Liszt and Carolyne appeal to the Pope (Ringo Starr) so that Carolyne can get divorced in order to marry Liszt. The Pope entreats Liszt to go on a secret mission for him: to exorcise Satan from Wagner, who has been building a cult in Germany. Liszt makes his way to the castle home of Wagner (now feared throughout the land) and witnesses him undergoing a worryingly white-supremacist ritual. Said ritual features a man with a Star of David on his forehead raping a series of Aryan women, before Wagner enters dressed as Superman and playing electric guitar, accompanied by angelic children’s choir, singing along about their new Teutonic messiah, doing Nazi salutes and chanting “we will be the master race.”

We ain’t done yet. Liszt confronts Wagner, who reveals his plan to create a robotic Viking god to cleanse Germany and turn it into a “nation of steel.” Now in mad-scientist mode, Wagner brings his creation to life, but is disappointed when he proves stupid and useless. Liszt tries to exorcise Wagner with holy water, but Wagner reveals he’s been a vampire all along. Desperate, Liszt begins playing a piano, which spews flames at Wagner and destroys his ritual statues, killing him.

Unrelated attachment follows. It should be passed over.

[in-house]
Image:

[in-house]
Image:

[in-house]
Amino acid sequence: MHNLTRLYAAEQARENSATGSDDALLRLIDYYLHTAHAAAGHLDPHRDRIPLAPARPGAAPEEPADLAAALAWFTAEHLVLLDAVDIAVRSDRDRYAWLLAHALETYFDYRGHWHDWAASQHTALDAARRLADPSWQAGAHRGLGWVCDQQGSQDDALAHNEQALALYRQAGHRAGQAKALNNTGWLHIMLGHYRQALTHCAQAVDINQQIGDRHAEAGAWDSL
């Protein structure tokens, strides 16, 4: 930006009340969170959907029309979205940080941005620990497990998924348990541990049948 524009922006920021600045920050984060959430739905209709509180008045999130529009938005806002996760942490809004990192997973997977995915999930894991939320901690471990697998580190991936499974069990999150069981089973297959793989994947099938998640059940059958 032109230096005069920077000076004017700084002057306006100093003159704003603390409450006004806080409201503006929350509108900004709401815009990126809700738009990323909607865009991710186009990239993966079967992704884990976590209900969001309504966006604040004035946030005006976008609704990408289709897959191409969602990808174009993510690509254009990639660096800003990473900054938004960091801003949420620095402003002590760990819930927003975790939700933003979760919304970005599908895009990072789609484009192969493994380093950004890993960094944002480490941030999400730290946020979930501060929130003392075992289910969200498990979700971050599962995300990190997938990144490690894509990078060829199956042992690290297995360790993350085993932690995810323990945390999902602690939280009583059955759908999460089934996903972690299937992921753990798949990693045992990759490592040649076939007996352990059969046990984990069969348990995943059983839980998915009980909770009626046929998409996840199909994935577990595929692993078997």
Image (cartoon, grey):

Still not done. Liszt’s daughter Cosima (who’s been working with Wagner this whole time) imprisons and torments Liszt via a voodoo doll, before resurrecting Wagner as a Frankensteined Hitler in platform shoes, wielding an electric guitar that also functions as a machine gun, which he uses to gun down the town’s Jewish population. Liszt actually dies at this point, going to meet his friends in heaven, but Wagner is still at large, destroying "most of the world." So they all pile into a spaceship made out of a pipe organ, shoot lasers at Franken-Wagner-Hitler, and save the day.

Lisztomania, then, is less by-the-numbers biopic and more musing on classical music and musicians, in a way-fictionalised manner. Russell clearly had a bee in his bonnet about Wagner’s music and philosophies, as they form a surprising bulk of this movie ostensibly about Franz Liszt. Other classical composers appear - Berlioz, Schumann, Strauss and Chopin (played by Kenneth Colley, aka Star Wars’ Admiral Piett) - but none are as focused on or as literally demonised as Wagner. Russell’s approach to historical figures has often been through broad brush strokes, and Wagner, rockstar eugenicist, may be the broadest.

Unbelievably, Lisztomania topped the UK box office for two weeks, riding the coattails of Russel and Daltrey’s hit Tommy. The film shouldn’t work, and it actually just plain doesn’t for much of its running time. Every scene introduces a new idea, either in story, or design, or cinematic form, that absolutely clashes with everything that’s come before. Even the music, based on the work of the composers involved, sways awkwardly between the original pieces, prog-rock interpretation from Yes keyboardist Rick Wakeman, and songs by star Daltrey.

Lisztomania is a total mess, but it’s a mess with typically Russell grandiosity and oddness of vision, definitely earning a place in the top two most bonkers musicals I’ve seen. You certainly won’t find another music biopic like it.